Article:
prof. Mgr. Stanislav Pekár, Ph.D.
prof. Mgr. Stano Pekár, Ph.D.
Larinioides sclopetarius (Clerck, 1757) ES
Animals within a population differ consistently in behavior over time and/or across conditions. A general question is how such differences
referred to as personalities are maintained through evolution. One suggested mechanism is a nonrandom mate choice, which
has been supported in species in which mate choice associates with direct material benefits. Much less is known about mating patterns
and personality in species where males provide only sperm and in which the benefits of female choice are based only on good
and/or compatible genes. The bridge spider Larinioides sclopetarius Clerck (Araneidae) exhibits heritable between-individual differences
in intrasex aggressiveness. We studied mating probabilities by aggressiveness type of both sexes, and success in sperm
competition of aggressive versus nonaggressive males. We staged trials that resemble field conditions: 4 males (2 aggressive and 2
nonaggressive) had simultaneous choice between an aggressive and a nonaggressive female. Although there were no differences in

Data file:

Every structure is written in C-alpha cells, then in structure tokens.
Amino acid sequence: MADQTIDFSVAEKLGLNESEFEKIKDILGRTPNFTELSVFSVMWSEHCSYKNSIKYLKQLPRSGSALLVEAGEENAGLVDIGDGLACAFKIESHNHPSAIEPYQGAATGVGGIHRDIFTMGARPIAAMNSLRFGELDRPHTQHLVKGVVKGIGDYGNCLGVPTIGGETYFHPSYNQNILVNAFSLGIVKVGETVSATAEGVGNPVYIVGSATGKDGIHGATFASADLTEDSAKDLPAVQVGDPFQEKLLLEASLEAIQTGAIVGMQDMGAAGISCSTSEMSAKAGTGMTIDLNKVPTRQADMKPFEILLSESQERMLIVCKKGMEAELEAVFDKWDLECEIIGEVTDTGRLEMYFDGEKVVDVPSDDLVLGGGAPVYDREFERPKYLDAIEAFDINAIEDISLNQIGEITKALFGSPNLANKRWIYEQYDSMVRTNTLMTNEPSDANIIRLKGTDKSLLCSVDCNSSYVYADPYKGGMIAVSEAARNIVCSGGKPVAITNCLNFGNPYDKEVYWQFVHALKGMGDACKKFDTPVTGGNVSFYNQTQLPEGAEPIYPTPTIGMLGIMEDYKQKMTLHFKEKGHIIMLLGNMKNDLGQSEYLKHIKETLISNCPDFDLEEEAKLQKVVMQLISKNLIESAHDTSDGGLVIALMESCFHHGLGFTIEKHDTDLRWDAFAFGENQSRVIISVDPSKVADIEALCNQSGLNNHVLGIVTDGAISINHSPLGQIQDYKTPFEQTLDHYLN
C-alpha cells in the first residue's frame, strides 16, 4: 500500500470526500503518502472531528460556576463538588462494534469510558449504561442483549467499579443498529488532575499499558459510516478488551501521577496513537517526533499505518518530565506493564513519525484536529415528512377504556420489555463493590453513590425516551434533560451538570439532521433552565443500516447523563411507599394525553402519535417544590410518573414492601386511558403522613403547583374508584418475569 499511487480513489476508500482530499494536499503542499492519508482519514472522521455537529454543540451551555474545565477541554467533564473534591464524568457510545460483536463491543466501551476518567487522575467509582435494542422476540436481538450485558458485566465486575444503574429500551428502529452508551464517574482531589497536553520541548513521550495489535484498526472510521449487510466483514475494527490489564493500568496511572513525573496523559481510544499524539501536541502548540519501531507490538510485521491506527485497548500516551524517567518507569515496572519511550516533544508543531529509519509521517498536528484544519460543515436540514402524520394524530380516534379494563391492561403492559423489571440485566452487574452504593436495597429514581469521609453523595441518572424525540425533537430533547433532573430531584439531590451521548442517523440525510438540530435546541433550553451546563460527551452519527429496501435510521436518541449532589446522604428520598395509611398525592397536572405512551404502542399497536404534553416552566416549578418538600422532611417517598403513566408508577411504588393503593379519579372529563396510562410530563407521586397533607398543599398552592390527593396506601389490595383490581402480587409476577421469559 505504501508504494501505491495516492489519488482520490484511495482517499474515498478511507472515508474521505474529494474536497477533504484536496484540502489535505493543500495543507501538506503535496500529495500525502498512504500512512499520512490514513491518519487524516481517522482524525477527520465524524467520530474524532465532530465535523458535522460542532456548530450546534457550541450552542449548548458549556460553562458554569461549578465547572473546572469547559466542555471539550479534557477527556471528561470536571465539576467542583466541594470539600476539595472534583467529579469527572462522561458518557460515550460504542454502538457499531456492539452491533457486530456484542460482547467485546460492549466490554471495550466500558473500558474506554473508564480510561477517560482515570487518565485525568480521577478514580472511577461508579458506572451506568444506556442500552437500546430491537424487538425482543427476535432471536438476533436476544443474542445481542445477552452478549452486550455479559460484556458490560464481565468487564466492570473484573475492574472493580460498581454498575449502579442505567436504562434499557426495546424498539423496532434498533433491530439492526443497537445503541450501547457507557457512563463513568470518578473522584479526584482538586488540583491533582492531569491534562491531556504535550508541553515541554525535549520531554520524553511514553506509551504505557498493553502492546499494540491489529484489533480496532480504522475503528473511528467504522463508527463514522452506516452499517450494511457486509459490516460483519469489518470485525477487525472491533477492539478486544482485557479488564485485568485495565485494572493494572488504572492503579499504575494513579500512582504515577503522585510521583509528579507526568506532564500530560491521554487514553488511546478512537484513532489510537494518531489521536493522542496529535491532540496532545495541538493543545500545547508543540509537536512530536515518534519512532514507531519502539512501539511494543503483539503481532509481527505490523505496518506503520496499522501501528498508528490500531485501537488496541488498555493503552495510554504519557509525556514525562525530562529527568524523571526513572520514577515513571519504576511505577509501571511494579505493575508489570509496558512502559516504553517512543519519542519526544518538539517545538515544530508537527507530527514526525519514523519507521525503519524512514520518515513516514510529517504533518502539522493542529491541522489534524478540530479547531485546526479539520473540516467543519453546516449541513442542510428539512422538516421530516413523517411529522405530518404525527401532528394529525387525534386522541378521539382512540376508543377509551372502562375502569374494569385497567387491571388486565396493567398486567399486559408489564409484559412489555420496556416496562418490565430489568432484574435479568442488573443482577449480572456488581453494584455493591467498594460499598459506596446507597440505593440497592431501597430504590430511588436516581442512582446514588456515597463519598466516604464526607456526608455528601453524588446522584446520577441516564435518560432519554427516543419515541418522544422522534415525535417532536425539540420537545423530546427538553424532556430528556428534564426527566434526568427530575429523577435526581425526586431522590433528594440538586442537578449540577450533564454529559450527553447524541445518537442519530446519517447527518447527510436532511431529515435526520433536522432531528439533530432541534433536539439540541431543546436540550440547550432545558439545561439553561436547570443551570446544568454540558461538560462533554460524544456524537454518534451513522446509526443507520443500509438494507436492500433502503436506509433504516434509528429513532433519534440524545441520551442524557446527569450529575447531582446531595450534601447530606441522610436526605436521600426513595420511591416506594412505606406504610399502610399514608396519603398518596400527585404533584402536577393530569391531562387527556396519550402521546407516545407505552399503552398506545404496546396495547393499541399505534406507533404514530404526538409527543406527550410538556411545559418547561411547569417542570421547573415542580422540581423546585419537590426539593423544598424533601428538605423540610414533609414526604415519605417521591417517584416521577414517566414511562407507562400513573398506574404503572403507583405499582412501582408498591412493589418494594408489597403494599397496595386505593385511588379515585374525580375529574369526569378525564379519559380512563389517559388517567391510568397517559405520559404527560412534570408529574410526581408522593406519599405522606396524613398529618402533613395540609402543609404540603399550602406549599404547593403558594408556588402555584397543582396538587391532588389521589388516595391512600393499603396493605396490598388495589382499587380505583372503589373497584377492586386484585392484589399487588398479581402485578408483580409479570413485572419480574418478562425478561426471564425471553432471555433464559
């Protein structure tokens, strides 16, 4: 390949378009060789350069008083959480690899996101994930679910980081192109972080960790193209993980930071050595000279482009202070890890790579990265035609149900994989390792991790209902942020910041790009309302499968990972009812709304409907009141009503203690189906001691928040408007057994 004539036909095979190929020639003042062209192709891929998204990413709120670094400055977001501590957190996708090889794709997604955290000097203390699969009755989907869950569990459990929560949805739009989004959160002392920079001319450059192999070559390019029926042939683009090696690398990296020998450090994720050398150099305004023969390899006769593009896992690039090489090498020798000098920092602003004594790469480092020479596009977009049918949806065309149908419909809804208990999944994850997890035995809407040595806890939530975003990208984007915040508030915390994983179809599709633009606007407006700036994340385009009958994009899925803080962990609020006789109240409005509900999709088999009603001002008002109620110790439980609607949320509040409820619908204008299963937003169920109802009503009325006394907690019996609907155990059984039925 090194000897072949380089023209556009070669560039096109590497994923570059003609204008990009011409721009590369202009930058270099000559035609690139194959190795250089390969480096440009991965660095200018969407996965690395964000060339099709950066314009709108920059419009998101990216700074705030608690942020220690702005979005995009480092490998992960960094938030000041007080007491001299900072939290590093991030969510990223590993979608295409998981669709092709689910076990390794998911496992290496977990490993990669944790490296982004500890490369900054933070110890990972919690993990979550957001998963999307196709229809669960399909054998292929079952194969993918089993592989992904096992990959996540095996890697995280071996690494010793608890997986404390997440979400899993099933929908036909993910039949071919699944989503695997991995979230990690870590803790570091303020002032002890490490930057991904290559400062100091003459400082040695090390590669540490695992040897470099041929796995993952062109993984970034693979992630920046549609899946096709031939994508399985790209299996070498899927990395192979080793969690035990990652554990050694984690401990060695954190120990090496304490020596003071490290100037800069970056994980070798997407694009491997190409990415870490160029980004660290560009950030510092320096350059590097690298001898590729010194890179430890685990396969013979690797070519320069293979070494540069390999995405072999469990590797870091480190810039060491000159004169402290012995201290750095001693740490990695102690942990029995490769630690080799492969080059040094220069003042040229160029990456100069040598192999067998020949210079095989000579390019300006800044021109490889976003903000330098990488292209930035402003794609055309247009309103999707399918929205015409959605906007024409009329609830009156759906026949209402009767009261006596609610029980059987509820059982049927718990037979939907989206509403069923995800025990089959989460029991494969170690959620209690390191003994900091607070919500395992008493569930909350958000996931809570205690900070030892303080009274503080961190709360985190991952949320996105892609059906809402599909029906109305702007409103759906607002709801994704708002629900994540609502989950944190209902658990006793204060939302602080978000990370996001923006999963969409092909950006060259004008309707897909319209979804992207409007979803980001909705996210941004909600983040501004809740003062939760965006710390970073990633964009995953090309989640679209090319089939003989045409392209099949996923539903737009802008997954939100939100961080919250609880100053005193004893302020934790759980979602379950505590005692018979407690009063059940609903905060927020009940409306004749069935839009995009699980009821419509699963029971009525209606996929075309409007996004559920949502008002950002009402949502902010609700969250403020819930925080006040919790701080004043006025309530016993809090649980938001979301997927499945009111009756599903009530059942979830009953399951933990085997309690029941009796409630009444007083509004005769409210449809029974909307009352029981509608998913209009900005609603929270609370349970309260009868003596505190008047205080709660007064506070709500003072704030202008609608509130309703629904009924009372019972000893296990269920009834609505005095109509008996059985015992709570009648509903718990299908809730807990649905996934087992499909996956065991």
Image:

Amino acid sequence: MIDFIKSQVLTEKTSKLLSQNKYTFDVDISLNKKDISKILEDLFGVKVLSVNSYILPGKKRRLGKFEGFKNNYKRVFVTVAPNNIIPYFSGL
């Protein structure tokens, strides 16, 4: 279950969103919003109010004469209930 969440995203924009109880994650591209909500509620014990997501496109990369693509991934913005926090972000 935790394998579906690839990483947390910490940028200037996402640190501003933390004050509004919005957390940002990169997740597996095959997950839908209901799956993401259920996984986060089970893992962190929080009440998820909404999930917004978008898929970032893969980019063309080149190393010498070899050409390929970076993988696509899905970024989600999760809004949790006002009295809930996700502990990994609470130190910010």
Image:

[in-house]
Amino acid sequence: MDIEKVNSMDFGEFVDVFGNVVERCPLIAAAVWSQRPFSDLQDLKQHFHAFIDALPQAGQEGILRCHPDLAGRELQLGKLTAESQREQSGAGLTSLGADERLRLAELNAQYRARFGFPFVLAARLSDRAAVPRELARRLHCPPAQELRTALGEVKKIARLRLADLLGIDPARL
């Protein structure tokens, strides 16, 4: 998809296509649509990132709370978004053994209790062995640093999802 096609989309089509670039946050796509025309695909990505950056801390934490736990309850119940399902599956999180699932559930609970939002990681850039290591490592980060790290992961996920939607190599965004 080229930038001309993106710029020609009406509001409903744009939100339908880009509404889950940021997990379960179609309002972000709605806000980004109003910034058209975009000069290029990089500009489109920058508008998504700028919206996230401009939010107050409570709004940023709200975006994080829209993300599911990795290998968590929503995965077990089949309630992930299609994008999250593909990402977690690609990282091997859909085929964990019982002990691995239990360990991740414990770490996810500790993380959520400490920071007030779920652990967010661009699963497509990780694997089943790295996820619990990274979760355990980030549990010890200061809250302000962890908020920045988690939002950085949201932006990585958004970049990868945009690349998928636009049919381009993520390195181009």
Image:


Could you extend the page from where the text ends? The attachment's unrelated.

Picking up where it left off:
initial approaches of male types toward female types, aggressive males mainly mated with aggressive females, and nonaggressive
males more likely mated with nonaggressive females. Female aggressiveness type was not related to fecundity, which may be a consequence
of equal food supply in the laboratory. However, in double-mating trials using the sterile-male technique to measure paternity of
aggressive versus nonaggressive males, we found that sons of aggressive parents fathered relatively more offspring. We conclude that
assortative mating by aggressiveness type might maintain between-individual differences in aggressiveness in Larinioides sclopetarius.
Kralj-Fišer S., Sanguino Mostajo G. A., Preik O., Pekár S., Schneider J. M. (2013): Assortative mating by aggressiveness type in orb weaving spiders. Behav. Ecol. 24 (4): 824–831. DOI: 10.1093/beheco/art030.